In Inside Science’s “Physicist Proposes New Way To Think about Intelligence”, author Chris Gorski describes that the main principle of this theory draws on the postulation that “intelligent behavior stems from the impulse to seize control of future events in the environment (” The math behind the theory stems from an unusual, yet familiar source: entropy. A core concept of physics, entropy is used to describe chaos and disorder in a given system. It wouldn’t be wrong to say that this theory effectively utilizes thermodynamics as a model for intelligence. The math is implemented in a software engine the researchers have cleverly named Entropica, and is used to model simple environments to test the theory. Inside Science’s article describes a test where Entropica is given a simple environment with tools and possibilities. “It actually self-determines what its own objective is,” said Wissner-Gross. “This [artificial intelligence] does not require the explicit specification of a goal, unlike essentially any other [artificial intelligence].”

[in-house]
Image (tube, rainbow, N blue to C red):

So what does this mean for society? As you might imagine, a unifying theory for just about anything is going to have groundbreaking implications. Economics, robotics, and social sciences, to name a few, are all fields that could be impacted with this research. Additionally, a model that could accurately predict how consumers will respond to a change in price would be enormously beneficial for businesses. And the incredible possibilities that this stirs within artificial intelligence circles will no doubt have people implementing this theory into the next generation of AI. Perhaps one day we will be able to model how we came to this point, and where our intelligence will take us in the future.

Big Computing to Cure Disease

People can soon donate their computer’s idle time to the advancement of science at no cost. In June, nonprofit organization Quantum Cures will begin utilizing the unused processing power of our idle devices to cure diseases. Most people carry around smart phones and tablets that represent great strides in the accessibility of machines capable of great computation.  But what is all of that computational capability really accomplishing?  The Ars Technica article “Crowdsourcing the Cloud to Find Cures for Rare and ‘Orphaned’ Diseases” addresses one outlet for all of this potential.  Where Big Data is taking advantage of the fact that we have so much storage space to store vast amounts of data, Quantum Cures is exploring a cloud computing initiative.